1 The Mighty One, God, the Lord,
2 From Zion, perfect in beauty,
3 Our God comes
4 He summons the heavens above,
5 “Gather to me this consecrated people,
6 And the heavens proclaim his righteousness,
7 “Listen, my people, and I will speak;
8 I bring no charges against you concerning your sacrifices
9 I have no need of a bull from your stall
10 for every animal of the forest is mine,
11 I know every bird in the mountains,
12 If I were hungry I would not tell you,
13 Do I eat the flesh of bulls
14 “Sacrifice thank offerings to God,
15 and call on me in the day of trouble;
16But to the wicked person, God says:
17 You hate my instruction
18 When you see a thief, you join with him;
19 You use your mouth for evil
and harness your tongue to deceit.
20 You sit and testify against your brother
and slander your own mother’s son.
21 When you did these things and I kept silent,
you thought I was exactly like you.
But I now arraign you
22 “Consider this, you who forget God,
23 Those who sacrifice thank offerings honor me,
This psalm gives great insight to God and the true worship that is offered toward the Holy God while it addresses the lip service that some of the Israelites were offering to God. There is also an important structure that Asaph, the writer of the psalm and a musician during the time of David, sings and praises to God.
Verses 1-6 are astounding because they describe the character and nature of God. God is the Mighty One; He is all powerful and controls all things. Everything on this earth happens at the command of God such as the rising and the setting of the sun. Can we truly begin to imagine the greatness of God where the God of the universe who is enthroned above all powers and kingdoms and rulers? This is the God who is not only all powerful but in verse 2, He is perfect in beauty. He is the God who speaks—He is not silent to the crises in the earth, but He speaks to His people. He is the true judge, and so every person will bow under the judgement of the One enthroned in the Heavens, not one will escape the judgement of God. And He is perfect in executing His justice and righteousness, and He cannot be bought and bribed like politicians nor does He turn a blind eye to the wickedness that continues to take place. All of these descriptions are marvelous in describing the nature and character of the God of the universe, who is majestic and powerful. The way that Asaph elevates God is truly astounding as God is exalted for who He is. Too many times, we worship God for what He does (and obviously we should praise Him for His wondrous deeds upon His people), but do we take time in meditating on who God is and how He is above all things and fall in love with God because He is God?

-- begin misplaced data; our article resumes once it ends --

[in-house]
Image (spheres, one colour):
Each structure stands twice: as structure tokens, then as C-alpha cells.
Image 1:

We understand in verse 5 that the same God of the universe who is so limitless in power and ability is also the same God who gathers His people, continues to maintain His covenant promise with His people, and instructs and speaks to them. Our God is one who corrects His people because He takes ownership of us. When we are astray we have the full assurance that the Great Shepherd calls His people and gathers them together in true practice. He is our God and His actions toward us are to correct and discipline when we are in error, and that includes in how we worship God.
In the next set of instructions, God admonishes His people regarding their worship practices. The Israelite practice of worship included sacrifices and burnt offerings, and while there is the righteous remnant that God doesn’t bring any charge because they honor God with correct and righteous thank offerings, there are those that lip service to the Most High, thinking He is pleased with empty rituals. God owns all of the animals of the forest, so He doesn’t need any of it. Because while offering these offerings, their lifestyles do not reflect as God’s holy and righteous covenant people.
The wicked are described in contrast to the descriptions of God. While God is described as righteous, just, beautiful, and compassionate on human beings allowing the sun to rise and set for us, but the wicked are described in opposite terms. The wicked are perverting the justice of God, slandering their neighbors, stealing from others—if all the earth belongs to God, then they are stealing from God—and they are in complete opposite to the nature of who God is. In verse 16,it is God who says: “What right have you to recite my laws or take my covenant on your lips? This is an important question as God’s covenant people when reading the Law must obey its commands: the commands for purity, holiness, justice, compassion, and imitating the nature of God. “Be holy as I am holy,” says God.
The same is true for us! We can offer lip service to God: empty praises, rituals practiced, traditions that have very little value on our lifestyles, and all of the practices of American Christianity that continues to elevate programs, entertaining music and the hip, trending songs, fashionable clothes, and empty sermons that teach people on humanism rather than the character and nature of God like Asaph so eloquently sings and teaches in the psalm. There is indeed a wrong way to worship God, and there were Israelites who were doing so.
The true worship is of obedience to God! The righteous offer true sacrifices to God, they do not forget God, and they obey the whole Law of God and its requirements. For believers, we should worship God rightly by obeying Him and being holy. Romans 12:1, “Therefore, I urge you, brothers and sisters, in view of God’s mercy, to offer your bodies as a living sacrifice, holy and pleasing to God—this is your true and proper worship.” Let us be people that acknowledge that we belong to God, we are His, exalting God rightly as He is, and worshipping God rightly as His people in accordance with His word. No longer with lip service, but to obedience and in holiness to God.